But assuredly if the Apostle had intended to teach the Christian Church that Slavery is inconsistent with “the eternal principles of Christianity,” he would not have been content with hinting this truth indirectly and obscurely, and leaving to modern believers to supply his imperfect doctrine. Was he slack, or careless, or timid, or time-serving in preaching the Gospel? Woe is unto me, he says, if I preach not the Gospel. Was he indirect, whose peculiar excellence it was to be plain and straightforward; and not as one beating the air. Was he fearful of consequences, who traveled through perils and sufferings innumerable to final martyrdom? Was he backward to incur responsibility, who condemned every sin and social evil, who omitted to notice no abuse even in dress or manners? If Slavery is what you represent it to be, an offence among Christians not to be told in Gath nor published in the streets of Ascalon [i.e., Ashkelon], it is as certain as truth, that the Apostle has explicitly denounced it. He has not been content with a side-wind condemnation of it. It was part of the gospel ministry to reprove it. If he neglected to reprove it openly and fearlessly, he has incurred the woe which he invoked on himself, if he preached not the gospel. He has the subject repeatedly before him. He enjoined on masters their duties to their slaves. And yet, you say, he omitted the most important of them all. Either the Apostle shrunk from his duty, or you, my good friends, are mistaken in yours.
You feel this difficulty. It is indeed not to be escaped. Therefore, to meet it, you say, “Christianity did not lay violent or imprudent hands on civil institutions.” This is the reason assigned why the Apostle has not performed the duty which you are now performing for him. But, to enjoin masters to manumit their slaves, would in no wise have laid violent hands on civil institutions. It was no infringement of civil institutions in the Roman Empire to manumit a slave. Nothing was more common. The Apostle would have affronted no law, custom or prejudice, by enjoining it. He might have said to his converts, manumit your slaves as heathen masters continually manumit theirs. It is of daily occurrence among them. Do not allow their benevolence to exceed yours. Was it assailing the civil institutions to advise Christians to do what all the world were doing? It was more easy to manumit the slave then than now. The slave of Greek, Roman or Hebrew, was of no inferior race. The freedman easily amalgamated with the mass of freemen. The slave was often the equal of his master in learning, accomplishments and manners. A [generation?] removed all distinctions. There was no insuperable barrier of color or inferior capacity. There was no question then, as now, what is to become of the manumitted slaves.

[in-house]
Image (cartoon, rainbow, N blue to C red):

But if to manumit a slave was to lay violent hands on civil institutions, the Apostle nevertheless, as we believe, would not have hesitated to enjoin the manumission of slaves, had he believed Slavery to be inconsistent with the spirit of Christianity. He would have reproved it with as little scruple as he reproved the worship of idols. Idolatry made a part of the civil government. To refuse attendance in the national temples was an offence to the laws. Did the Apostle hesitate to denounce idolatry? We are commanded to render unto Cæsar the things that are Cæsar’s—tribute to whom tribute is due. But it is not due to Cæsar to commit sin. In forbearing to reprove it, through his whole ministry, the Apostle was grievously neglecting his duty. But he could not have disregarded the duties of his ministry or failed in fighting the good fight to which he had devoted his whole life. The only alternative conclusion is, that the opinion which makes Slavery inconsistent with the spirit of Christianity is a dogma of modern invention, and a corruption of Christian doctrine. It is false, or the Apostles were unfaithful.